Second interviews, trials and settling in sessions – to pay or not to pay
First interviews are very rarely paid in the nanny industry. The exception would be paying expenses or a weekend long interview, which doubles up as a trial.
Some parents will offer to pay for the time taken for a second interview. Whether you do or not is your choice, but if you didn’t give your children the chance to meet your nanny at a first interview then she’s probably expecting to come back for a second interview, and many nannies won’t accept a job where they’ve not met the children first. Shortlisting candidates is fairly standard, especially in a competitive market, and second interviews are sufficiently common that they count as part of the normal recruitment process. A second interview should remain fairly short, although you might ask your nanny to play with your children or join in the evening routine.
Trial afternoons or evenings last a lot longer than an interview, and this is the point where parents start paying. Even though you will be around and observing the nanny a trial is work (and hard work at that!). If you ask a nanny to come with a prepared activity or you expect them to stay more than a couple of hours you should pay.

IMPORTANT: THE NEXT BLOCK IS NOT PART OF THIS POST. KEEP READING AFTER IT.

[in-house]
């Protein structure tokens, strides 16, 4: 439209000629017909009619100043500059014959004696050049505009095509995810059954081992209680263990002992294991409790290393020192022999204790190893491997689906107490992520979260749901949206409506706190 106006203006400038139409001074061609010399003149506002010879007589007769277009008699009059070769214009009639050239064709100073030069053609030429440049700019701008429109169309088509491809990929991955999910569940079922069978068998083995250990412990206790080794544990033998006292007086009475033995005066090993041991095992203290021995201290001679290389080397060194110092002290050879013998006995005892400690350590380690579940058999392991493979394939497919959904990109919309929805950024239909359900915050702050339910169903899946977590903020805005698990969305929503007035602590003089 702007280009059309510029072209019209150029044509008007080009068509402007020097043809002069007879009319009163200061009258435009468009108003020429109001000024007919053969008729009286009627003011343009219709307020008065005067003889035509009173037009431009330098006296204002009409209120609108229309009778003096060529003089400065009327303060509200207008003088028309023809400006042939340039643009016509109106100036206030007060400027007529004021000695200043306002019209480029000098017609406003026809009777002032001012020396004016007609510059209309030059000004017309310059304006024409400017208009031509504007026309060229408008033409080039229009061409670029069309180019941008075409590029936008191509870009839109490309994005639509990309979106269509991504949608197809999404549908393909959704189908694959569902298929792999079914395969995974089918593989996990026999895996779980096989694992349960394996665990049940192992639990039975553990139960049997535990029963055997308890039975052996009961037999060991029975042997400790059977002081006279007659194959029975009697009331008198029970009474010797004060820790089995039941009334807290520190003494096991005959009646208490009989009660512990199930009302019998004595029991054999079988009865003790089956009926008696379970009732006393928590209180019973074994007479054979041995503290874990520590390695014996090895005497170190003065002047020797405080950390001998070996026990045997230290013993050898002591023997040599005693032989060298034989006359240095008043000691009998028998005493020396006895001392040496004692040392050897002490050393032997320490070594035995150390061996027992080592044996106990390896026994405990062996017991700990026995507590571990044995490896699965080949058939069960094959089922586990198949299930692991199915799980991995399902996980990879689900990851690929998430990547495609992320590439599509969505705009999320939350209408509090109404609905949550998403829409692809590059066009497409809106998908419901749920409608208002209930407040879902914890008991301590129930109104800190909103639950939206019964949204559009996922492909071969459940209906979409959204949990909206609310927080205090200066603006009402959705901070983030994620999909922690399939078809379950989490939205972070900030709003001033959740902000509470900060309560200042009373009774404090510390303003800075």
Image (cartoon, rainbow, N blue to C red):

Settling in sessions, even if they take place before the contract’s official start date, should always be paid at the nanny’s usual hourly rate. While you will still be around the whole idea is that you play a minimal role, and may even nip out the house. Any shared care after the start date counts as a handover and your nanny is contractually obliged to be there, so you are contractually obliged to pay her for all her contracted hours, so settling in can be a good investment.
from → parents